So were the modernists cyclists? We can say without doubt that most if not all of the modernists rode a bicycle at some point. Some did so habitually, others regularly, all of them at least occasionally. T. S. Eliot cycled regularly for leisure and relaxation, including one notable trip with fellow modernist, Wyndham Lewis, that ended with Lewis suffering serious damage to his knee after his handlebars snapped, sending him tumbling.

Though she preferred long walks, Virginia Woolf cycled recreationally as a young woman (on holidays in the Cotswolds) and would later do so for convenience to and from the train station near her home in Sussex. The question of whether Joyce cycled has significantly occupied at least one critic, though Joyce’s poor eyesight means he probably didn’t cycle seriously beyond his teen years. This doesn’t stop him filling his works with, often incidental, references to bicycles and bicycling. 

Similar stories can be told of almost all the writers and artists of the period. Then as now, the term "cyclist" meant something more than just getting on a bike. To be a cyclist suggests a level of enthusiasm that can be off-putting or attractive depending on your persuasion. Typically, the man reputed to be the first in Ireland to ride a bicycle, Dr Austin Meldon, almost immediately started a (presumably somewhat lonely) club.

Society ladies ride bicycles around the fountain at San Francisco's City Hall in 1929. Photo: Hulton Archive/Getty Images

To be a cyclist at the turn of the century meant being a member of the "brethren" or "freemasonry of the wheel." Cyclists wear special clothes and use a special language; they memorise gear ratios and discuss the best way to avoid "bonking." More recently, they go on spring training "holidays" in Mallorca, obsess over power outputs, VO2 max, and the efficiency of their aero tuck positions. As French author Paul Fournel eloquently notes in Need for the Bike, "when you get on your first bike you enter a language you’ll spend the rest of your life learning."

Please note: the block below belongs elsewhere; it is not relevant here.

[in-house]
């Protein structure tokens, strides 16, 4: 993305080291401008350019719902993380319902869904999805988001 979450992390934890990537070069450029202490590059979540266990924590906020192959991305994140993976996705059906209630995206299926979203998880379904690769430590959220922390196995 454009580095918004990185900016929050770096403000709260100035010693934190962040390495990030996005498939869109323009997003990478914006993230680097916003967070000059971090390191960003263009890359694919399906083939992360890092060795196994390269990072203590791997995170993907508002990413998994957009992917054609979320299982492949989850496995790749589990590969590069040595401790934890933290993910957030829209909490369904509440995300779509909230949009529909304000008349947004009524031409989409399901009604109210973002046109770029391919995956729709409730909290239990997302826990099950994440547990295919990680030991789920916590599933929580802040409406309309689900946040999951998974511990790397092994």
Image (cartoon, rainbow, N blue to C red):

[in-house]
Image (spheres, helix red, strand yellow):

One is or isn’t a cyclist precisely because, for the cyclist, cycling is a state of being not a state of doing. Of the modernists, perhaps only Samuel Beckett, a keen athlete, ever met and acknowledged these conditions. All of them, however, experienced the pleasures of cycling, observed its place within a complex modern system of transport, production, and recreation, and, most importantly, made this object part of the way they read and wrote the world around them.

The bicycle offers a defiant source of optimism, a sense that the individual may survive the disintegrating forces of modernity

The "clubbishness" of cycling may have contributed to a general distrust of it among the modernists, some of whom seemed to associate it with a particularly bourgeois, prosaic banality. American poet Amy Lowell incorporated this into her growing dissatisfaction with London bookshops: "a whole counter....is covered with monographs which instruct you minutely as to how to grow fruit-trees, catch salmon, handle golf clubs, or bicycle through the home counties."

In discussing contemporary poetry, Virginia Woolf feigns "instant confusion" when opening a representative volume: "here are the common objects of daily prose—the bicycle and the omnibus." This statement is more remarkable because the poem (Auden’s "Which of You Waking Early") makes no mention of a bicycle. Elsewhere, she makes an apology for the "meanness" of E.M. Forster’s early novels, claiming that "though Mr Forster may be sensitive to the bicycle and the duster, he is also the most persistent devotee of the soul. Beneath bicycles and dusters....there always lies for him...a burning core."

Vittorio De Sica's Bicycle Thieves based on Luigi Bartolini's novel of the same name